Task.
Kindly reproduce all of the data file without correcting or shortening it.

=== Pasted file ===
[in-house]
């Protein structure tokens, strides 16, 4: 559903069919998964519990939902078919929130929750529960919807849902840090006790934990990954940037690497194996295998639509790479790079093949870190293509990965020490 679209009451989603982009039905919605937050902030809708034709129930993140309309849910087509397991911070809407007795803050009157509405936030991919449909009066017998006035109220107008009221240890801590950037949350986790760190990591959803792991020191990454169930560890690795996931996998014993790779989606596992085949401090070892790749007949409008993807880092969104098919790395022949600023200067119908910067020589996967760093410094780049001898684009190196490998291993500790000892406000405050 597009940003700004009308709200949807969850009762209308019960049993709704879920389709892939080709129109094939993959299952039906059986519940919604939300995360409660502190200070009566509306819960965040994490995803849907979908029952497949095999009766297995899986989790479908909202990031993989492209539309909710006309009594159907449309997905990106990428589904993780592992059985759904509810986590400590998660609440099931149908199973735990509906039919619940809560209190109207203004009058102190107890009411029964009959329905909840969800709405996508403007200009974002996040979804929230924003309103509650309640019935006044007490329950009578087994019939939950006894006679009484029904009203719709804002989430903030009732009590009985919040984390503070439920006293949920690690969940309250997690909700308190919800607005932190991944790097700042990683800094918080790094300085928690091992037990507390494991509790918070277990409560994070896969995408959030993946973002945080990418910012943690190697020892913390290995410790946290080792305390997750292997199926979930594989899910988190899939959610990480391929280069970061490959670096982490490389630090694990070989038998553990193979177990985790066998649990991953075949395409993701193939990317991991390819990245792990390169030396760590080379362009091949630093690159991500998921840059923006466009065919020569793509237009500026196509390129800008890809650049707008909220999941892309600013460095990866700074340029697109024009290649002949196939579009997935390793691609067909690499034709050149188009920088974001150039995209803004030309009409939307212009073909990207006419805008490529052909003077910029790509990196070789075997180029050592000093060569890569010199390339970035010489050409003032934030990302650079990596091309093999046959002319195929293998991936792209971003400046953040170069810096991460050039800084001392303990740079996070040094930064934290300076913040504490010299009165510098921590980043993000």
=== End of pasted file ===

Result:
[in-house]
């Protein structure tokens, strides 16, 4: 559903069919998964519990939902078919929130929750529960919807849902840090006790934990990954940037690497194996295998639509790479790079093949870190293509990965020490 679209009451989603982009039905919605937050902030809708034709129930993140309309849910087509397991911070809407007795803050009157509405936030991919449909009066017998006035109220107008009221240890801590950037949350986790760190990591959803792991020191990454169930560890690795996931996998014993790779989606596992085949401090070892790749007949409008993807880092969104098919790395022949600023200067119908910067020589996967760093410094780049001898684009190196490998291993500790000892406000405050 597009940003700004009308709200949807969850009762209308019960049993709704879920389709892939080709129109094939993959299952039906059986519940919604939300995360409660502190200070009566509306819960965040994490995803849907979908029952497949095999009766297995899986989790479908909202990031993989492209539309909710006309009594159907449309997905990106990428589904993780592992059985759904509810986590400590998660609440099931149908199973735990509906039919619940809560209190109207203004009058102190107890009411029964009959329905909840969800709405996508403007200009974002996040979804929230924003309103509650309640019935006044007490329950009578087994019939939950006894006679009484029904009203719709804002989430903030009732009590009985919040984390503070439920006293949920690690969940309250997690909700308190919800607005932190991944790097700042990683800094918080790094300085928690091992037990507390494991509790918070277990409560994070896969995408959030993946973002945080990418910012943690190697020892913390290995410790946290080792305390997750292997199926979930594989899910988190899939959610990480391929280069970061490959670096982490490389630090694990070989038998553990193979177990985790066998649990991953075949395409993701193939990317991991390819990245792990390169030396760590080379362009091949630093690159991500998921840059923006466009065919020569793509237009500026196509390129800008890809650049707008909220999941892309600013460095990866700074340029697109024009290649002949196939579009997935390793691609067909690499034709050149188009920088974001150039995209803004030309009409939307212009073909990207006419805008490529052909003077910029790509990196070789075997180029050592000093060569890569010199390339970035010489050409003032934030990302650079990596091309093999046959002319195929293998991936792209971003400046953040170069810096991460050039800084001392303990740079996070040094930064934290300076913040504490010299009165510098921590980043993000």